Monday, December 6, 2021

WTF is wrong with some people?

Every so often this meme makes the rounds on Facebook. It's usually shared by people waxing nostalgic for the days when everyone's childhoods resembled Beaver Cleaver's or Opie Taylor's, at least in their minds. Not surprisingly, it usually gets labeled as the classic white racist boomer fantasy. You know, the elderly white guy's favorite "memory" -- the good old days when everyone's dad was a genial but strict clean cut dude in a suit, and women knew their place as well as doing all the cooking, cleaning, and catering to their men while dressed in neatly pressed cotton dresses,heels, and a tasteful string of pearls. It goes without saying all the neighbors were white. 

My response to the meme is usually to state I don't miss the good old days at all. I'm old enough that I remember polio, being quarantined for measles, and, when I was older, the gender stereotyping that steered girls into home economics and bookkeeping classes while boys got to take shop or advanced science and math.Why couldn't girls take shop? Because then the boys wouldn't be able to tell dirty jokes or use vulgar language. Shop was where boys could be boys; home ec was where the Future Homemakers learned how to set the table for a formal multi-course meal, right down to the fish forks.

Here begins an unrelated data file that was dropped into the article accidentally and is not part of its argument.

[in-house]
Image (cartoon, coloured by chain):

Are fish forks still a thing? Did anyone ever actually use them outside dinners served by English aristocracy? Then again, on a less pretentious scale, exactly what is the point of having separate forks for the salad and the main dish? As far as I can discern, the main purpose of having a plethora of silverware on the table, all the various spoons and forks and knives, is to signal that you're doing well enough financially that you (or, more likely, your minions) can lay out an array of metal that will baffle any peasants present at your banquet. 

But, as I was starting to say, it hit me this week that I actually do miss the America I grew up in. I miss the days before the Internet and social media, the days back when stupid people were unable to form echo chambers where they can parrot each other's delusions. You know, the days when if someone was an asshole the only people who had to hear that person being an ass were people who actually knew him. The days when people might have been mean and petty but their meanness and pettiness didn't affect anyone other than the poor saps who were stuck with them through marriage or work. The truly dumb fucks did the bulk of their pontificating through letters to the editor of the local paper. The L'Anse Sentinel used to have a couple regulars who could be counted on to fill page space with their tinfoil hat theories. (For all I know, they still do. I rarely read the Sentinel.) Those people were generally mocked by the community as a whole. They functioned as a source of amusement and not as a symptom of an increasingly dysfunctional culture.